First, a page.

Somehow it's ironic that Seneca - by far the person in the history of philosophy who most often has been accused of being a hypocrite - next to Socrates is the one who most persistently emphasises that he do not see himself as wise. I think most Stoic authors assumed it was obvious that they were not wise (except Epictetus, perhaps :-) but this quote makes it very clear where Seneca sees himself as talking to us from.
"How is it that you are advising me?” you say. “Have you already advised yourself? Have you got yourself straightened out? Is that why you have the time to correct others?” I am not such a hypocrite as to offer cures while I am sick myself. No, I am lying in the same ward, as it were, conversing with you about our common ailment and sharing remedies. So listen to me as if I were talking to myself: I am letting you into my private room and giving myself instructions while you are standing by."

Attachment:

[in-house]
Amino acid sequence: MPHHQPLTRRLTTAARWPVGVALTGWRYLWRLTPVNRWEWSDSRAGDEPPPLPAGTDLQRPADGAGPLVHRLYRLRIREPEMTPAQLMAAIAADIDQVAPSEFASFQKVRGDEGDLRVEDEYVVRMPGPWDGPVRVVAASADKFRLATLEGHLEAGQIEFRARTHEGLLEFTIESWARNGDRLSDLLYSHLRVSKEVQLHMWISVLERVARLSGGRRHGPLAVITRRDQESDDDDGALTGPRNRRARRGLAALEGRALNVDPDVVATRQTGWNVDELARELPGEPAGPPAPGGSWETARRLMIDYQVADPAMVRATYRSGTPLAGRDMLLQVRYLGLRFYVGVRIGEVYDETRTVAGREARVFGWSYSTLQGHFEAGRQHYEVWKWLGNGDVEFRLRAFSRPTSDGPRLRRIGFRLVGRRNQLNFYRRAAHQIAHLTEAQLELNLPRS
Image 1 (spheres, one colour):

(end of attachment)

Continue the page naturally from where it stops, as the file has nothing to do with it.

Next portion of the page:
- Seneca, Letters 27.1
|J. M. W. Turner: Modern Rome – Campo Vaccino, 1839|